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Liz Collier

Documentary Producer

I’m a BAFTA winning documentary producer, I’m one of the people that works behind the scenes to make documentaries you might see on TV.


There are lots of different types of documentaries but the type I mostly work on are called observational documentary which always feature real people and take the viewers behind closed doors, into situations and worlds that you wouldn’t get to experience every day.


I started my career in-house at the BBC and then went into the freelance world as a Producer and Series Producer. I now work as an Executive Producer.  I’ve worked on 24 Hours in A&E (C4), 24 Hours in Police Custody (C4), Cutting Edge (C4), Gun No. 6 (Cinema & BBC2) Horizon (BBC2) Keeping Britain Alive (BBC2). A few years ago I lived in India making Delhi Cops about the experiences of young women and men policing India’s most dangerous city. I’m currently making a series about law and order in the USA.


I’m interested in stories about social justice and the justice system and in how we, as humans, relate to each other in the most challenging moments, and ordinary people who find themselves in extraordinary situations.

What made you want to go into your career path? 


When I was kid I loved watching films and documentaries on TV, but even more than the films themselves, I was obsessed with the “behind the scenes” features to see how things were made. I was really interested in the people making them and I knew I wanted to be one of those people.











Did you always think you’d go into this career? How does it compare to how you thought it would be? 


What I love about my job is that every day is completely different and the process of filming real people always throws up expected challenges and can take you to very unexpected places. It keeps you on your toes. There is no typical week, you have to be good at change and adapting very quickly.  It is definitely not a 9 to 5 life.


Documentaries almost always take a team of people to produce – it’s a real team effort. Most people know about directors and producers but there are many other jobs from runners, researchers, archive producers, production co-ordinators,  production managers, camera people, sound recordists, to editors and more. Every job has an important part to play and you need all of these people working collaboratively to achieve what you see on TV.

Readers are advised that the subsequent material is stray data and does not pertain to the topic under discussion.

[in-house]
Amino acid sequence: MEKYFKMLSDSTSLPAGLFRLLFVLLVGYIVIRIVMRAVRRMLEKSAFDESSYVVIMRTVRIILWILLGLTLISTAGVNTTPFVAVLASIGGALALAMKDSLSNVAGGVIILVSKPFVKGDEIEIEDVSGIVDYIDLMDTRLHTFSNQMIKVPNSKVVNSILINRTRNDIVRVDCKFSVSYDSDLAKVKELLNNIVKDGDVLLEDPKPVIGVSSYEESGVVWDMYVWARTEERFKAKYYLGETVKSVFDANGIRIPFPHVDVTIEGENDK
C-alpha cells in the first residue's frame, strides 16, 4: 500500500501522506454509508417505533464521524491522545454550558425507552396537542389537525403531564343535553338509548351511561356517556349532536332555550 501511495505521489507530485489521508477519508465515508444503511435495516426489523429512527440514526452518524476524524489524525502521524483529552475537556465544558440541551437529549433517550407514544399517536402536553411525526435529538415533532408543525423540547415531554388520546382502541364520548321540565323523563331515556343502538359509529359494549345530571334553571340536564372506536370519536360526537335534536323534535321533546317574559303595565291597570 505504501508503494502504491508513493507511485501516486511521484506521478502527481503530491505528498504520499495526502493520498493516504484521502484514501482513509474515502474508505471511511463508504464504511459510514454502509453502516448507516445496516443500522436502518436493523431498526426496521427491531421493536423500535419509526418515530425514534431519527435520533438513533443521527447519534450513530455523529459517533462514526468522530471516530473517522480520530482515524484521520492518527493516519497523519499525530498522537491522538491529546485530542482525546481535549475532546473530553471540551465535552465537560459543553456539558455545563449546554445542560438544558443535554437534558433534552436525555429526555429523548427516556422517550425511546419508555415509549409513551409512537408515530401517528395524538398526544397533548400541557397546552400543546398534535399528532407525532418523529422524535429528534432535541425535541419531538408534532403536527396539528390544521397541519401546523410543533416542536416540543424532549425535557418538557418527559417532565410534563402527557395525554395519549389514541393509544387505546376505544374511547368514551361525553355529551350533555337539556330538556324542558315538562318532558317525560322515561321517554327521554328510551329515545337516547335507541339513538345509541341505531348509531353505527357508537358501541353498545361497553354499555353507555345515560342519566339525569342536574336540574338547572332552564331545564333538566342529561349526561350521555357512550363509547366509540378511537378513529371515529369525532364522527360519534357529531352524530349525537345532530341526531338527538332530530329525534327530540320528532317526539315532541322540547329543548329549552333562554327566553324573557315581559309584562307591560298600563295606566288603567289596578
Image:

How was life at school?

I am dyslexic so I sometimes found school challenging, but in my last years of senior school, I got the chance to experiment with a huge video camera (we didn’t have cameras phones then).  I wasn’t very good at filming at first, but when I discovered I could tell stories with a camera it was a revelation and I found my way of processing the world around me.

How did you get into your career? 

My first proper break was when I got a job at the BBC as a production secretary through a temp agency, it was only meant to be for 3 months but I ended up getting a rolling contract and I stayed  for 4 years. I got to work as a secretary and production co-ordinator on lots of different things from documentaries to live entertainment shows including one of the early series of Strictly Come Dancing. I was mostly helping to organise the filming and it was great because I got to experience many different types of programme and got to work with lots of different people.


Through these different experiences I started to realise my heart was in making documentaries so I decided to work as a freelancer and left the BBC to get more experience with independent companies and I worked my way up from there.

What do you enjoy most about it?

I’m a person who is very curious about people’s stories and what it means to be human. I love that making working on documentaries makes demands that you immerse yourself in real stories. It’s your job to find a responsible, compassionate and creative way to bring them to a large audience of people watching on television.  


I honestly believe that real life is more interesting than fiction and true stories can have a stronger and more powerful impact on people.

What are your ambitions?

To keep working on projects that make people see the world in different and eye opening ways. 

Tell us a fun story about your work  

I’ve got lots to share in person!

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